In 1873, Rabindranath Tagore took a trip to the Himalayas with his father. This was the first time that the poet left the city and experience nature’s open vistas. In this trip, Rabindranath was able to become intimate with his father- an important occurrence in the poet’s life. His father’s unique personality overwhelmed the young boy.
In his isolated lodging in the Himalayas, Debendranath taught his son Sanskrit. In the evening, the father taught the child about the planets of the sky. In this way, Debendranath was able to transmit his love of nature and of creation to the budding poet.
By the time Rabindranath returned from the Himalayas, he seemed to have left his childhood behind him. From this time onwards his education and study of literature became free of institutional bounds. He now had tutors to teach him Sanskrit, English literature, physics, mathematics, history, geography, natural science, etc. In addition, he studied drawing, music, and gymnastics. Although he had stopped going to school, he continued to study literature.
Noticing Rabindranath’s disdain for established methods of education in Bengal, his brother Satyendranath proposed to Debendranath that his brother be sent to England to become a barrister. And so in 1878, Rabindranath sailed for England with his brother.
At first he studied in a public school in Brighton. Later, he was admitted to London’s University College. However, he did not complete his education here and left England after being in the country for over a year. Nevertheless, in the time he spent in England he was able to observe the life and culture of the country with an acute eye proof.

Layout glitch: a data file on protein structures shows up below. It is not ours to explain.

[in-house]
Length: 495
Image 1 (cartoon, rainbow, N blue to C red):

Although Rabindranath was not awarded any degree in England, he was stimulated creatively by his stay in the country in important ways. Thus, his immense interest in music made him study its manifestations in England in his own way.
Tagore composed his musical drama Valmiki Pratibha in 1881. In it, he set some of his lyrics to western tunes. The play was performed for Bidvajjan Samagam in the Tagore home. Rabindranath himself performed the role of Valmiki. His niece Pratibha acted the role of Saraswati.
Seeking to become a barrister, Tagore enrolled at a public school in Brighton, England in 1878; later, he studied at University College London, but returned to Bengal in 1880 without a degree, because his father had arranged a marriage for him.
On December 9, 1883, he married ten-year-old, Mrinalini Devi; daughter of Khulna’s Benimadhav Raichaudhuri. They had five children, four of whom later died before reaching full adulthood. In 1890, Tagore began managing his family’s estates in Shelidah, a region now in Bangladesh.
Soon after his marriage Rabindranath was entrusted with the task of looking after some of his father’s extensive landholdings. Among his tasks then was to act as the secretary of the original Brahmo Samaj set up by his father. In later part of his life, he used the experiences in his writings.
Known as “Zamindar Babu”, Tagore travelled across the vast estate while living out of the family’s luxurious barge, the Padma, to collect rents and bless villagers; in exchange, he had feasts held in his honour.
During these years, Tagore’s Sadhana period named for one of Tagore’s magazines was among his most fecund, with more than half the stories of the three- volume and eighty-four-story Galpaguchchha written. With irony and emotional weight, they depicted a wide range of Bengali lifestyles, particularly village life.
At this juncture, the Brahmo Samaj was going through a period of uncertainty and internal strife. The young Rabindranath discharged the duty entrusted to him of overseeing the religious movement diligently.